Time flies when you’re having fun. But it apparently also flies when there’s a new story every other day about NSA surveillance. It’s been nearly one year since the first story sourced from the documents Edward Snowden stole from the agency appeared, and with that in mind, the EFF is encouraging people to commemorate the day by installing privacy and security tools to protect their communications.
The EFF has been at the forefront of the resistance to NSA surveillance programs for years, filing a number of lawsuits and legal challenges to the agency’s authority and collection programs. The group also has been lobbying Congress to pass legislation to restrict the NSA’s surveillance activities. Now it’s trying to get everyday users to motivated to resist mass surveillance efforts by installing and using a group of privacy and security apps and extensions for Web and mobile communications.
The Privacy Pack, which is what the EFF is calling the group of tools, includes encrypted chat apps, encrypted text and private calling apps for Android, encryption extensions for browsers, as well as the Tor anonymity tool. Along with Tor, the bundle includes HTTPS Everywhere, Textsecure and Redphone for Android, Pidgin and Adium for private chats and GPGtools and Enigmail.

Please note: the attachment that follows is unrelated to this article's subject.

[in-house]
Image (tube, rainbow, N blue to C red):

“Surveillance affects everyone, in the United States and internationally. Millions of innocent people have had their communications swept up by the NSA’s dragnet surveillance,” Nadia Kayyali of the EFF wrote in a blog post.
“Mass surveillance is toxic for the Internet. The Internet is a powerful force that can promote democracy, innovation, and creativity, but it’s being subverted as a tool for government spying.”
Security and privacy experts have said that the best defense for individuals against mass surveillance is encryption for as much of their communications as possible. The NSA and other intelligence agencies have capabilities that can sometimes circumvent encryption, but that’s often done through exploiting implementation flaws or by taking advantage of choke points where traffic flows unencrypted. Large Internet companies such as Google and Yahoo have responded to the NSA revelations by encrypting more of their services, including traffic flowing between their various data centers.
And for individual users who are concerned about the effects of mass surveillance, using tools such as Textsecure, HTTPS Everywhere and Tor gives them the ability to raise the cost for intelligence agencies, or any other adversary, to access their communications.
The EFF’s effort, which it’s calling Reset the Net, coincides with the June 5 anniversary of the first Snowden stories emerging last year.